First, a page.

Monday, February 13, 2017

Meet the New "Specially Protected Class"






Adams Lin literally fainted as he read a court order authorizing federal marshals to confiscate his property. The officers seized his car, his designer clothes, a flat-screen television, golf clubs, computer, and even his treasured Samurai sword.


Unlike countless other Americans who have been pillaged by federal law enforcement officials, Lin was not a victim of the officially sanctioned plunder called civil asset forfeiture. His property was confiscated after Lin’s boss failed to make a $200,000 payment toward the $22.4 million civil damage award granted to a man who was left paralyzed through Lin’s occupational misconduct.

Lin’s boss is Palm Beach County, Florida Sheriff Ric Bradshaw, and he has adamantly refused to make payments to Dontrell Stephens, who was shot by Lin after the panicking deputy mistook the 19-year-old’s cell phone for a gun.

“There’s nothing in the rules of engagement that says we have to put our lives in jeopardy to wait and find out what this is and get killed,” whined Sheriff Bradshaw on the day of the shooting. His department quickly exonerated Lin and promoted him – before the public release of video that proved that the victim had never posed a threat to the deputy.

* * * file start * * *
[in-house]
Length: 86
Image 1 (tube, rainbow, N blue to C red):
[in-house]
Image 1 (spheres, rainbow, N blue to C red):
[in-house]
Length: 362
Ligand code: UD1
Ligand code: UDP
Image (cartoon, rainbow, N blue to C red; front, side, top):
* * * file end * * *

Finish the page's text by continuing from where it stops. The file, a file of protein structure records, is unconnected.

Rather than complying with the court order, Bradshaw filed an appeal. After the award was upheld last May, Bradshaw appealed again – which triggered an injunction leading to the seizure of property from the deputy who was directly responsible for the unlawful shooting of an innocent teenager. Owing to his service as an asset of the state’s punitive apparatus, Lin was able to get his confiscated property back. His victim, of course, remains paralyzed.
Lin continues to be held in high regard by Bradshaw, which is why the sheriff selected him to be one of seven sergeants from his department assigned to the presidential security detail at the Palm Beach Airport during the president’s recent visit.


This obviously wasn’t a reward for Lin’s exceptional valor. The deputy’s pants-wetting meltdown that led to the near-murder of Stephens, and his fainting spell triggered by enforcement of the court order, demonstrate that he’s hardly Horatius at the bridge in dealing with adversity. It was a gesture of calculated contempt toward those who believe that police officers should be held accountable for personal misconduct, and an assertion of the institutional sense of entitlement that characterizes law enforcement – and that has been reinvigorated by the current occupant of the Oval Office.